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Swedish word of the day: en gubbe

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Swedish word of the day: en gubbe
Be careful how and when you use this word. Image: nito103/Depositphotos
15:30 CEST+02:00
Our latest word of the day is a term that can describe old and young men and boys, but you'll have to be careful how you use it. The meaning changes completely depending on the tone.

En gubbe is a Swedish noun most often used to refer to a male person, and it can be affectionate or derogatory depending on the context.

When talking to your friends about your grandfather, for example, you might refer to him as en gubbe; it's an endearing way of saying "old man". But it can also be used for men and boys of all ages, particularly young children, who be affectionately called a "lille gubbe" (roughly "little fellow").

However, it can also be an insult, particularly if used about a man you don't know, or in a negative tone. If you really want to insult someone, it can be coupled with adjectives such as "grinig gubbe" (grumpy old man) or "ful gubbe" (literally 'ugly man' but usually used to mean 'dirty old man' or 'letch').

A good example of how the meaning can change is when Swedish-speaking women use it to refer to their husbands. When said in an affectionate context, "min gubbe" is a colloquial way of saying "my husband", similar to the British "my man" or "my bloke", and usually no offence would be intended at all. However, it can also be used to criticize men for letting themselves go: one online list titled 'Signs your man has become a 'gubbe'' lists criteria such as wearing old, worn out underwear, allowing nose and ear hair to grow, preferring to stay at home than go out, and growing grumpy.

So think twice about your tone before you call somebody a gubbe – it can come off harsher than intended and is almost never appropriate if you aren't close with the subject. There's also a female equivalent, en gumma, used mostly to describe older women which has the same ambiguity so can be either affectionate or insulting.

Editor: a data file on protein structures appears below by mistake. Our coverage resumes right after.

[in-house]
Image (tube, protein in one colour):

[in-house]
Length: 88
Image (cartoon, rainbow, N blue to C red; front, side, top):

Swedish-learners might be wondering if there's any link to the word for strawberry: en jordgubbe. 'Gubbe' is also a Swedish dialect word to refer to a small lump, and 'jord' means 'earth' in the sense of soil, so a strawberry is quite simply "a small lump that grows in the earth". Most linguists believe that this dialect word was the origin of 'en gubbe' meaning man, probably first used to refer to small children. Over time, it's likely that it started being used more widely to men of all ages, but it helps explain the sometimes negative connotations.

One final form of 'gubbe' to watch out for: in Swedish slang, 'en gubbe' also means 'a gram' of drugs. 

Examples

Min man har blivit en tråkig gubbe

My husband has become a boring old man

Jag gick till teatern med min gubbe

I went to the theatre with my husband

Do you have a favourite Swedish word you'd like to nominate for our word of the day series? Get in touch by email or if you are a Member of The Local, log in to comment below.

 

 
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